The Number of the Beast (novel)

The Number of the Beast (novel)

infobox Book |
name = The Number of the Beast
title_orig =
translator =

image_caption = First paperback edition cover
author = Robert A. Heinlein
illustrator =
cover_artist = Richard M. Powers
country = USA
language = English
series =
genre = Science fiction
publisher = Fawcett
release_date = July 12, 1980
media_type = Print (Paperback)
pages =
isbn = ISBN 0-449-13070-3
preceded_by =
followed_by = The Cat Who Walks Through Walls

"The Number of the Beast" is a science fiction novel by Robert A. Heinlein published in 1980. The first (paperback) edition featured a cover and interior illustrations by Richard M. Powers. Excerpts from the novel were serialised in "Omni" (October, November 1979).

Plot introduction

The book is a series of diary entries by each of the four main characters, Zebadiah Carter, programmer Dejah Thoris "Deety" Burroughs Carter and her mathematics professor father Jacob Burroughs, and an off-campus socialite Hilda Corners. Zeb and Deety's names are overt homages to John Carter and Dejah Thoris, the main protagonists of the Barsoom or Martian novels of Edgar Rice Burroughs.

The odd foursome dash off in Gay Deceiver, Zeb's sports car spaceship, outfitted with the professor's continua device and armed by Australian Defence Force, into various fictional universes. There is sex, rivalry, and even a trip to Oz. An attempt to visit Barsoom, curiously, takes the quartet to a different version of Mars, seemingly under the colonial rule of the British Empire. However, near the end of the novel, it is obliquely hinted by Lazarus Long that they had in fact been to Barsoom, the "colonial Mars" being an illusion imposed on them by the telepathically adept Barsoomians:

Explanation of the novel's title

In the novel, the Biblical number of the beast turns out to be, not 666, but 6^{(6^6)} , or [ 2.6591197721532267796824894043879e+36305] , which is the number of parallel universes accessible through the continua device to the protagonists.

Plot summary

The plot of the story revolves around Jacob's "Continua Device," a strange machine that can move the characters anywhere and anywhen without electricity. The continua device was built by Professor Burroughs while he was formulating his theories on n-dimensional non-euclidean geometry. Burrough believes, and proves during the story, that there are six dimensions; the three spatial dimensions familiar to everyone and three additional chronological dimensions - t, our axis of time, τ (tau), and т (teh). The continua device can move the characters on all six axes.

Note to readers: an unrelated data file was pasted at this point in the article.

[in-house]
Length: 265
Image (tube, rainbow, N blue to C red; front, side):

The novel lies somewhere between parody and homage in its deliberate use of the style of the 1930s' pulp novels. Many of the plot lines and characters are derived directly from the pulps, as referenced by the first line of the novel:

"He's a Mad Scientist and I'm his Beautiful Daughter." —Deety

"The Number of the Beast" contains many in-jokes and references. For instance, the name of "every" villain is an anagram of a name or pen name of Robert or Virginia Heinlein.

As in other works, Heinlein brings up the philosophical idea of solipsism, but in this book he takes it a step further with the concept called "pantheistic solipsism" or "world-as-myth" — the theory that universes are created by the act of imagining them, so that somewhere even fictional worlds (Oz is one of the examples Heinlein uses) are real. Burroughs' device is simply a means of accessing these universes.

Literary significance and reception

Jack Kirwan wrote in the "National Review" that the novel is "about two men and two women in a time machine safari through this and other universes. But describing "The Number of the Beast" thus is like saying "Moby Dick" is about a one-legged guy trying to catch a fish." He goes on to say the Heinlein celebrates the "competent person". [cite journal|last=Kirwan|first=Jack|date=1980-12-12|title=Books In Brief|journal=National Review; , , p1522-1523|volume=Vol. 32|issue=Issue 25|pages=p1522–1523|issn=00280038]

Sue K. Hurwitz said in her review for the "School Library Journal" that it is "a catalog of Heinlein's sins as an author; it is sophomoric, sexist, militantly right wing, and excessively verbose." She comments that the book's ending was "a devastating parody of SF conventions—will have genre addicts rolling on the floor. It's garbage, but right from the top of the heap." [cite journal|last=Hurwitz|first=Sue K.|date=1980-11|title=The Number of the Beast (Book Review)|journal=School Library Journal|volume=Vol. 27|issue= Issue 3|pages=p93|issn=03628930]

Allusions to other works

Near the end, this book is connected to "Time Enough for Love", and through it to several others of Heinlein's later works. Many characters from earlier Heinlein works make an appearance, and a few notable real-world authors, including Heinlein himself, are mentioned as being present in the final chapter.


External links


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